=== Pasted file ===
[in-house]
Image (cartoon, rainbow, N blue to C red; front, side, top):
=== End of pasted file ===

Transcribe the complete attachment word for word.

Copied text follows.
[in-house]
Image (cartoon, rainbow, N blue to C red; front, side, top):